According to the 25th Infantry Division's Tropic Lightning Museum, 14 different American pilots were able to take off during the surprise attack and record 10 Japanese aircraft kills. Air Corps records credit Welch with four kills and Taylor with two, yet new research of Japanese combat reports confirms Taylor got four kills (when the two probable kills are included). Taylor claimed in an interview: "I know for certain I shot down two planes or perhaps more; I don't know." On the 13th anniversary of the Pearl Harbor attack, the United States Air Force stated that they could not determine which of the two pilots shot down the first Japanese bomber: "Each of them in his first attack shot down an enemy bomber, so the difference in time would have been but a few seconds in any case." While in the air during the dogfight, the two pilots agreed that whoever survived the battle would claim credit to the title for the first kill. However, both pilots survived and because Welch outranked Taylor (he was a 41A, Taylor a 41C) and was the lead aircraft in the fight, he was credited with the first kill. The efforts of the two pilots' dogfights were able to divert the Japanese from destroying the Haleiwa air field, which the Japanese intelligence did not know about prior to the attack.
from the Wiki article about Lt. Taylor:

https://en.wikipedia.org/wiki/Kennet...r#Pearl_Harbor
 
Old Today, 04:13 PM
 
Location: On the Great South Bay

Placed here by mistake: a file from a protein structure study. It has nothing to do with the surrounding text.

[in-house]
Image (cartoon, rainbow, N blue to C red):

7,131 posts, read 9,898,127 times
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Quote:
Originally Posted by John-UK View Post
The USA was not at war, to suggest so is highly misleading. The ships were defending convoys, if they were attacked by mistake by the Germans. The Germans were not supposed to attack neutral ships.
"The ships were defending convoys".

Just whose convoys do you think the Americans were defending? And that sounds neutral to you?

https://nationalinterest.org/blog/bu...aval-war-53377
 
Old Today, 04:14 PM
 
Location: London
4,360 posts, read 3,647,052 times
Reputation: 1982
Quote:
Originally Posted by Dd714 View Post
India is ripped off once again as they fought in Burma
How was India ripped off attacking Japanese in the country next door? Don't bother. FYI, India was a part of the British Empire.

The US lost far too many men by poor generalship. Casualties were 50,000 at Lorraine, 33,000 at Hurtgen Forest, 95,000 at the Bulge, 5,000 at Aachen, 21,000 US & French at the Colmar Pocket, etc. The British and Canadians invented the armoured personnel carrier in WW2 to avoid excessive infantry casualties, called the Kangaroo. It was a converted Churchill tank with the innards and turret stripped away. They also later converted US made chassis' for this function. Despite being a huge success, US forces strangely never adopted Armoured Personnel Carriers in WW2 continuing to sustain heavy losses.



Ram Kangaroo: